Being totally absorbed, feeling optimally challenged and concentrated – these are just a few of the characteristics that constitute flow, defined as a personal experience marked by deep enjoyment and total immersion in what one does.

Nine dimensions have been described to make up the flow experience:

  • a balance between challenges and one’s skills
  • the merging of action and awareness
  • clarity of goals
  • clear, immediate, and unambiguous task feedback
  • total concentration
  • a sense of control over one’s actions
  • the loss of self-consciousness
  • the transformation of time (e.g., time typically passes faster than normal)
  • the feeling that the experience is intrinsically rewarding (i.e., autotelic).

Flow theory draws heavily from Aristotle’s notion of pleasure in unimpeded activity and can be considered to be a eudaimonic approach to subjective wellbeing. Past research has related flow experiences to decreases in fatigue, increases in wellbeing and creative thinking, as well as self-growth in a variety of settings including schools, universities and work environments.

Usually, however, all that glistens is not gold and the concept of flow is no exception. By definition, flow experiences are transient and subject to fluctuations. Put differently, whether or not a person is “in flow” can change from day to day, or from moment to moment. What is more, flow theory does not have an inbuilt moral compass and flow experiences are consequentially amoral.

Indeed, it is possible for flow experiences to be destructive to the self and the culture one is surrounded by. Theoretically, a robber can be in flow whilst committing a crime.

Drawing on these issues, I will explore potential solutions to foster flow experiences consistently in a variety of settings and to counteract the destructive potential arising from the amoral nature of flow.

Nakamura and Csikszentmihályi recognised that whilst there seems to be a universal capacity to experience flow, people differ with regards to the frequency as well as the quality of flow experiences. Everyone may be able to experience flow during their daily activities, but some individuals have more frequent, intense flow experiences.

Csikszentmihályi refers to these individuals as autotelic personalities. They can deliberately enter flow and maintain this state for prolonged periods of time. However, there is disagreement on how to assess whether an individual actually possesses this flow proneness.

A potential way forward may be to view personality not as a stable, unchanging set of traits but rather as a density distribution of states. Previous research has shown daily experiences and events can change personality states and subsequently have the potential to leave a profound mark on an individual’s personality over time. Daily experiences can solidify a change in an individual’s personality, which in turn, has an impact on how an individual reacts to his or her environment in the future.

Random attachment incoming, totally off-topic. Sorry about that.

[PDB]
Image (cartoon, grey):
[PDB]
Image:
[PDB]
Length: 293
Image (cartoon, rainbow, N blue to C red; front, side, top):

In the context of flow, if an environment is conducive to flow experiences, over time this may contribute to the development of autotelic personalities. Previous research has already established the existence of intra-individual variability in daily flow experiences (i.e. some individuals exhibiting high flow variability, whereas others have very stable flow experiences over time) and that this can affect the creativity of individuals in work settings. Therefore, a proposition to foster more frequent and lasting flow experiences would be to (re-)engineer environments in a way that they are more conducive to flow, which may potentially generate autotelic personalities over time.

In regard to the potentially destructive consequences of flow experiences as described above, the possibility to change the amoral character of flow to a moral one appears to be unlikely. Therefore, my suggestions pertain to influencing the more proximal causes that generate flow experiences such as the enactment of character strengths.

Character strengths are defined as a subset of personality with a moral component. Furthermore, several scholars have argued for a link between the use of character strengths and flow experiences. In addition to this, a study by Woerkom and colleagues (2016) recently provided empirical evidence for the relationship between strengths’ use and increased work engagement, a concept akin to flow experiences.

As there is a moral value attached to character strengths, flow experiences that arise from such activities are unlikely to lead to destructive acts. Thus, a way to foster moral flow would entail a focus on character education with the goal of encouraging the use of character strengths. The potential downstream effects of this intervention could be to foster a flow experience in individuals that retains a moral component because it is the result of enacting character strengths in schools, universities and work environments.

I encourage practitioners to create environments that foster flow and that, over time, contribute to the development of individuals that can enter and maintain flow more deliberately, i.e., autotelic personalities. Interventions along the lines of character education are proposed to ensure flow experiences resulting from the enactment of character strengths retain a moral component.

Jakob Stollberger, Research Fellow, Jubilee Centre for Character and Virtues

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